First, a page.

Look, I’m not for 4th Amendment overreach but this PRISM thing. Let’s be honest…. I’m pretty proud of Americans for developing this ingenious piece of engineering. If it does what it claims to do (and not what the hype says it does), it’s nothing short of one of the major wonders of the modern world.
Think about it.
You, me, everyone… we live in patterns. We go to work, sit at the same desk, talk to the same people, have friends that we see regularly, talk to the roughly same set of people… every day.
But the patterns are not so simple. We may talk to all kinds of different people, go to all kinds of different places, drive all kinds of cars, use all kinds of sites, stay in all kinds of hotels, travel to all kinds of places… and that all seems random but there are patterns like job requirements, hobbies, personal enjoyment and other seemingly abstract glue that makes patterns out of all that too.
Somehow, NSA has found a way to see patterns. Patterns, patterns everywhere. Organized chaos. And seeing patterns helps them see when something is out of pattern. Dissonance. Unusual variety.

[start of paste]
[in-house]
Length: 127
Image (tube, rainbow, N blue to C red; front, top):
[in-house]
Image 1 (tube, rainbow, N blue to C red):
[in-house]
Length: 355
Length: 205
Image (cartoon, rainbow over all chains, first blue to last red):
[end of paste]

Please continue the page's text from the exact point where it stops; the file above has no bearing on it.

The fact that chaos theory can be analyzed in such a way… is truly a feat of engineering.
A story breaking in the security community but I’ve filed under “Does this surprise anyone, really? Come on!” has to do with smartphones running Windows Mobile. According to the filing from Cryptome.org reports that there is a Windows OS backdoor being used by the National Security Agency and agencies and contractors employed by the federal government that allows people to “backdoor” (extrapolate: eavesdrop, wiretap, trojan horse or fill in your own noun-verb) a system. This includes smartphone devices running Windows Mobile.
It is unclear as to whether Microsoft is a willing ally in this, as Borat put it, “war of terror”.
More info as I get it.
Added: As pointed out by commenters below, there is not enough evidence here to prove one way or another. Cryptome also has a considerable history of “waving the flag” around government crypto issues. However, in theory, the potential risk does exist as the exploit is in similar fashion as Windows Update. In WU, users allow a web service remote administrative access to their machine during the period of time surrounding an update. As this is the window of time that Cryptome alleges is the “backdoor” period, it would not surprise me if this is indeed true. Microsoft PR handling this issue has no comment at this time but promises to “look into it” – whatever that means.
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